San Francisco Chronicle Editor-in-Chief On Fake News, Commodification of the Media, and Women in the Newspaper Industry
San Francisco Chronicle Editor in Chief Audrey Cooper spoke to a full house of over 140 students, alumni, and community members in the Saint Mary’s College Soda Center as part of the School of Economics and Business Administration’s Executive Speaker Series February 26.
Cooper is the first woman to fill the role in the company’s 152-year history, and the youngest woman ever to be named as the top editor of a major U.S newspaper-based company. “These are tough times for the media across the nation. We are indeed on the precipice of a real media revolution,” said Cooper.
Her role is not an easy one, she said. Many women drop out of the industry between the ages of 30 to 35. In addition to having to keep abnormal hours, including rising before the crack of dawn, and working days on end during a crisis, Cooper says the role of an editor in chief for a woman with children requires an understanding life partner. “Families are difficult without a partner who will take on an inflexible news schedule.”
Fake news organizations are nothing new, Cooper said, delving into the stormy history of the Golden State. 1849 was the largest peace time migration of people in world history. The city grew from a population of 350 during the Gold Rush to a population of over 100,000.
Before the migration, said Cooper, there were merely 86 literate people within San Francisco city limits, and only two newspapers. The incredible media disruption of 1849 led to around 280 newspapers. Newspapers in the area were generally started to “win friends and influence enemies,” said Cooper, adding that the current foreign manipulation of media is not a unique occurrence.
She spoke to her concerns about the role of media and the role of politicians in the era of Trump, describing ethical practices for donating to newspaper. The utter commodification of news is new in this current era. Sometimes the public needs to see bad things; it’s the job of a journalist to make you upset and uncomfortable.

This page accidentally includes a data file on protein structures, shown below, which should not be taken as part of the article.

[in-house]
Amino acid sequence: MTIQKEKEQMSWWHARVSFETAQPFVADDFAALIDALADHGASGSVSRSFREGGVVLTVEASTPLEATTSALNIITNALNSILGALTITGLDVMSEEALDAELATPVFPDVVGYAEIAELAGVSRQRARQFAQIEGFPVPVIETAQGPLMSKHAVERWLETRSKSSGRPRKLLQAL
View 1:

There are a lot of “news deserts,” in this country, said Cooper. Areas like this do not get the critical perspective of even a small local newspaper “You do not have the right to an unformed opinion,” she said.
San Francisco magazine has declared Cooper one of the city’s most powerful women. Editor and Publisher magazine named her one of the world’s “Top 10 Women to Watch” and Advertising Age named her one of their “Top 40 under 40.” She’s been featured in Cosmopolitan magazine “50 Fearless Women” issue and is a regular speaker and interviewer.
Under Audrey’s leadership, The Chronicle has emerged as one of the country’s most innovative media outlets. Among other things, she started an in-house incubator program to explore new types of digital journalism. She started the SF Homeless Project, a first-of-its-kind collaboration of more than 80 news outlets dedicated to reporting on solutions to end homelessness. And in 2016, The Chronicle became the first newspaper-based company to show a feature-length documentary in nearly a dozen film festivals around the world.
Audrey prioritizes investigative and explanatory journalism, and recently restarted her newsroom’s investigative team. Areas of emphasis have included the botched multibillion dollar rebuilding of the Bay Bridge, the deadly 2011 San Bruno gas pipeline explosion, the city’s forgotten AIDS survivors, and the criminalization of children in the state’s foster shelter program. This body of work led California’s leading newspaper association to name The Chronicle the state’s best large newspaper each year Audrey has been editor.
A native of the Kansas City area, Audrey graduated magna cum laude from Boston University, which has honored her as a distinguished alumna. She lives in San Francisco with her husband and their 5-year-old son. In her spare time, Audrey volunteers for San Francisco City Guides, a nonprofit that gives free walking tours of San Francisco.
Executive Speaker Series:
Hosted by the School of Economics and Business Administration (SEBA), the Executive Speaker Series brings CEOs, presidents and other top corporate leaders from some of the nation’s most important companies, non-profits, and non-governmental organizations to share their views on topics of societal, academic, and professional importance.
The Executive Speaker Series strives to stimulate insightful, provocative conversation on current issues by providing a platform for high level executives to speak about cutting-edge issues, challenge conventional wisdom and tactics, elaborate on trends, share wisdom, and provide important career inspiration and advice for our students, faculty, alumni and larger Saint Mary’s community.